An authority on the CIA draws on inside sources to trace the career of convicted spy Aldrich Ames and the agency's record of incompetence, which allowed Ames to keep his position for nine years. 75,000 first printing. $60,000 ad/promo.
Molehunt: The Secret Search for Traitors That Shattered the CIA
Details the obsessive internal spy hunt reminiscent of the McCarthy era lead by CIA counterintelligence chief James Jesus Angleton after he was lead astray by former KGB officer Anatoly Golitsin. 25,000 first printing. $25,000 ad/promo. Tour.
This groundbreaking book describes the Wise-Anderson Protocol for muscle-related pelvic pain in men and women, a new and revolutionary treatment developed at Stanford University. The Wise-Anderson Protocol involves the treatment of muscle-related pelvic pain and dysfunction, variously diagnosed as prostatitis, chronic pelvic pain syndrome, pelvic floor dysfunction, pelvic floor myalgia, interstitial cystitis, urethral syndrome, levator ani syndrome, among other related diagnoses affecting some twenty million men and women in the United States. Specifically, The 6th edition of A Headache in the Pelvis adds new research recently published in the Journal of Urology done by the Wise-Anderson team describing the relationship of painful trigger points that refer and re-create specific symptoms of pelvic pain, new research done at Stanford on the relationship between early morning anxiety and those with pelvic pain, and firsthand stories from women who have undergone the Wise-Anderson Protocol, along with other new sections.
The Bureau and the Mole: The Unmasking of Robert Philip Hanssen, the Most Dangerous Double Agent in FBI History
The New York Times–bestselling “first-rate spy story” of the FBI agent who sold top-secret information to the Russians for more than twenty years (Entertainment Weekly). Drawing from a wide variety of sources in the FBI, the Justice Department, the White House, and the intelligence community, Pulitzer Prize–winning author David A. Vise tells the story of how FBI counterintelligence agent Robert Philip Hanssen employed the very sources and methods his own nation had entrusted to him in a devious game of deceit—simply because he had something to prove. Vise also interweaves the narrative of how FBI director Louis B. Freeh led the government’s desperate search for its betrayer among its own ranks, from the false leads, to the near misses, to its ultimate, shocking conclusion. Fascinating, gripping, and provocative, The Bureau and the Mole is a harrowing tale of how one man’s treachery rocked a fraternity built on fidelity, bravery, and integrity—and how the dedicated perseverance of another brought him to justice. “Absorbing . . . Vise’s account of Mr. Hanssen’s road to becoming a double agent is fascinating.” —Michiko Kakutani, The New York Times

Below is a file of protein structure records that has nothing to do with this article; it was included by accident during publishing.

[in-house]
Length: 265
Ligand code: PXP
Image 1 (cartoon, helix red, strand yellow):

Very Bear and The Butterfly by David Wise is a colorful fictionalized account of how Olympic Gold Medalist Wise met his wife after an injury turned his life upside down. Very Bear and The Butterfly is an illustrated children's picture book about a pleasant bear that forgets how to be friendly. Very Bear was kind and generous to all the animals in the woods. He always had plenty of food in his den and was willing to share it with anyone who came to visit. Very Bear felt protective about animals who were smaller than he was, and he’d frequently intervene when he saw larger animals bullying them. So when he saw Slypp, the weasel, teasing two field mice with blackberries that were tied to a stick, Very Bear got angry and threw Slypp into the nearby pond. Slypp detested getting wet, and she felt angry and aggrieved by Very Bear’s actions. She was determined to have her revenge. Before long, Very Bear was feeling pretty miserable and getting very angry about Slypp’s mean behavior. Then a lovely blue butterfly happened by. She noticed how unhappy Very Bear was, and she knew exactly what to do.David Wise's story for children, Very Bear and The Butterfly, teaches children how to take back control and gain perspective even when things seem really bad. After all, if Very Bear can laugh again after Slypp makes sure his winter hibernation is a terrible experience, how bad can things be?Harry Lau's illustrations bring Very Bear's emotions to life and as Flutters. the butterfly comes into Very Bear's life, the illustrations become more vibrant and vivid demonstrating the impact Flutters is having on Very Bear. One can really feel the wild and green places that Very Bear and Flutters visit and feel shivers when seeing the very angry Very Bear roaring his displeasures after failing to find a new den, undisturbed by Slypp, the weasel.